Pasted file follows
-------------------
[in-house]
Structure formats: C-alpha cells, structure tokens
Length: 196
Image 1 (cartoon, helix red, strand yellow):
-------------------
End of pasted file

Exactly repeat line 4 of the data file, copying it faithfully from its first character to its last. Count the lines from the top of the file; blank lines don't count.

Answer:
Image 1 (cartoon, helix red, strand yellow):